For an album where most of the songs follow a similar theme, I’m a little surprised this review turned out so long. These are all basically guitar-based folk songs, aside from the one flute solo (which was basically a prologue to a guitar song). But there’s so much going on, so many different moods and textures and shadings of meaning, that it seems impossible to do it justice with a brief review. George might be able to pull that off, but I don’t think I can. This music was nothing totally new or unique, not even back in 1976, and they seem to borrow from a lot of other, more famous bands. Yet they mix these elements in a novel way, making it all somehow greater than the sum of its parts. I have no idea what freshly-baked bread or sea foam or buffalos have to do with the end of the world, but even if I don’t understand it, I still feel like I “get” it. This is not an album of certainties, it’s an album of nuances. In fact it’s so nuanced I think adding lyrics would just have been a distraction. It’s an amazing rainbow of moods and emotions and whimseys, and an ideal example of what a few competent musicians are capable of when they stop trying to explain life and the world and everything, and simply concentrate on making good music. This is an album of contemporary folk rock and that’s about it, so I suppose it’s nothing special. But not being special is what makes it so special. Thumbs up, 4 or 5 stars, whatever … just go listen to it. This is an album that should be heard, and heard often.

GROVER WASHINGTON JR. – Mister Magic (1975)

Review by: Syd Spence

Album assigned by: Eric Pember


I’ve always loved the idea of jazz fusion. Take the blistering Coltrane style sax solo, slap it over a thick diamond hard funk groove, and you’d be nearing audio perfection. Yet, barring a few Miles Davis albums, I’ve been perennially disappointed by it and I think I’ve figured out why. See most of the Jazz Fusion artists are old bop pros, far from their experimental youth. They reach the ‘70s and go, “the kids are diggin this funk stuff, with its simple rhythms and electric bass. Hey, why don’t we combine smooth jazz melodies with these popular rhythms. Then we will make so much dough we can start buying smack again.” Essentially, a lot of jazz fusion like Herbie Hancock, Weather Report, etc sounds to my ears like proto Kenny G. It’s a little more academic (with it’s weird time signatures), but in the end it’s generally easy listening, and lacking that Coltrane edge. It’s like the Jazz equivalent of AOR, it’s not quite adult contemporary but it’s getting there.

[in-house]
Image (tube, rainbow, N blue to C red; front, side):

Anyways, that leaves us to this album, Mr. Magic, which exudes literally all those qualities. Its melodies are smooth, the instrumentation is tight, the arrangements are a little quirky (to a non jazz ear). But the whole thing is so damn safe that it’s just ready made for a some adventurous elevator. 

Case in point, the star of the show, the 12 minute long centerpiece, “Earth Tones.” The track starts with the band creating a tremendous near psychedelic ambience with it’s mix of electric piano, animal sounds and bass noodling. And then horns and drums, bass come in and it sounds great, just thick and awesome, but then your mind focuses on the melody and … it’s just, well it sounds like music used for scene changes in a ‘70s made for tv movie. Then they mess with the time signature and Grover comes in does some jazz soloing business and it sounds great again, and then it’s time for another scene change in The Young and the Restless. And this happens throughout the 12 minutes, cool jazz funkery, periodicly being interupted by that all too friendly melody. And this is the most adventurous and interesting track of the bunch, completely ruined by such a conventional melody. 

The rest of the album varies’ from smooth jazz meets hollywood strings to limp funk tunes. The best of which is probably Black Frost. It’s pretty much a straight funk tune that’s just missing that James Brown spark. It’s not bad, but not really something you need either. 

Overall, I don’t like jazz fusion but if you do, you’d probably love this record. Just go in expecting that cool smooth academic jazz fusion like the Weather Report. Me, I’ll continue fantasizing about John Coltrane joining Parliament.